EU approves more military aid to Ukraine, Germany faces pressure on tanks

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Ukrainian serviceman looks on and a local resident rides a bicycle while a broken tank is pulled to a truck near the frontline town of Bakhmut

By Gabriela Baczynska and Tassilo Hummel

BRUSSELS (Reuters) -European Union foreign ministers agreed on Monday to allocate another 500 million euros ($542 million) for military aid for Ukraine, officials said, as Berlin faced more pressure over calls from Kyiv to supply it with German-made Leopard tanks.

Agreement on the seventh such tranche of aid came as the EU’s 27 foreign ministers met in Brussels after Western countries failed last week to agree on sending Ukraine battle tanks – but pledged billions worth of support.

The foreign ministers approved the 500 million euro package along with a further 45 million for “non-lethal equipment” for the EU’s military training mission for Ukraine, Swedish and Czech officials said.


“We remain steadfast in our support for the Ukrainian Armed Forces,” Sweden, which holds the EU’s rotating presidency, tweeted.

Meanwhile, several ministers said as they arrived at the meeting, in the morning, that it was key for Germany to allow Leopard tanks to be sent to Ukraine.

Germany’s Leopard tanks, fielded by armies across Europe, are widely seen as the best fit for Ukraine, but Berlin must authorise their sale and has yet to do so.

Poland said on Monday it would ask Germany for permission to send Leopard tanks to Ukraine – and would send them whether or not Berlin agreed as long as other countries did too.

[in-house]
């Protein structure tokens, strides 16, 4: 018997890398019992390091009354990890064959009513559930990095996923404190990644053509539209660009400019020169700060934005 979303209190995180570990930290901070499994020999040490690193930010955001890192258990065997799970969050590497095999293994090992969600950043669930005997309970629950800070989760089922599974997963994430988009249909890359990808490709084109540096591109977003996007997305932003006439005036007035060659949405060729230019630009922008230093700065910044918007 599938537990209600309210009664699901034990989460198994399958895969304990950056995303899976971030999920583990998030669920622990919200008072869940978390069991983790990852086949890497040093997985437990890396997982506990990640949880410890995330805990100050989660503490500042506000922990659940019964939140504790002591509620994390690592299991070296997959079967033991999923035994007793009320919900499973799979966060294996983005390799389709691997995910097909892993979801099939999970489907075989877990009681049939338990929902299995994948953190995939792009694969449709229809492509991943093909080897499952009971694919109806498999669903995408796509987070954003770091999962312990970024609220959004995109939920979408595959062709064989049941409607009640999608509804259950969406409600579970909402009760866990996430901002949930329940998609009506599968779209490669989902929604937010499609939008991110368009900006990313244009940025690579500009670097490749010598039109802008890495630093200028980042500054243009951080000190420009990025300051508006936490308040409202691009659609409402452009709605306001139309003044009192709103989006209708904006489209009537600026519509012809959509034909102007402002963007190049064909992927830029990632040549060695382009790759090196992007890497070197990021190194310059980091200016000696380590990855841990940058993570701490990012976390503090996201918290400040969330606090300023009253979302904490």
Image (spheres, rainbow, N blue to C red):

“At this point there are no good arguments why battle tanks cannot be provided,” Latvian Foreign Minister Edgars Rinkevics said as he arrived at the Brussels meeting.

Lithuanian Foreign Minister Gabrielius Landsbergis said the tanks should not be held up one more day, while Estonian Foreign Minister Urmas Reinsalu said Germany, as an “engine of Europe”, had particular responsibility to help Ukraine. Luxembourg’s Foreign Minister Jean Asselborn said Russia could win the war if Europeans “don’t help Ukraine with what they need now”.

‘COUNTERPRODUCTIVE’?

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An EU diplomat said that this was followed by a discussion among the ministers about the tanks. “The Germans didn’t like being pushed, they warn it can be counterproductive,” the diplomat said.


As she arrived at the Brussels meeting, German Foreign Minister Annalena Baerbock declined to elaborate on comments on Sunday when she said that Berlin would not stand in Poland’s way. She just said it was important to “do everything we can to defend Ukraine”.

Chancellor Olaf Scholz’s centre-left Social Democrat party argues the West should avoid sudden moves that might escalate the war. But several EU allies reject that position, saying Russia is already fully committed to its 11-month-old assault on Ukraine.

As the EU works on a 10th package of sanctions against Russia, Hungary, a vocal Russia dove in the EU, signalled its opposition to more sanctions.

“All decisions that could prolong the war or lead to a potential escalation are against our interests,” said Hungary’s Foreign Minister Peter Szijjarto. “It’s been proven that sanctions are leading Europe into a dead-end street.”


($1 = 0.9174 euro)

(Reporting by Tassilo Hummel, Bart Meijer, Philip Blenkinsop, Andrew Gray and Krisztina Than, Writing by Ingrid Melander and Gabriela Baczynska, Editing by Peter Graff, John Stonestreet and Jonathan Oatis)

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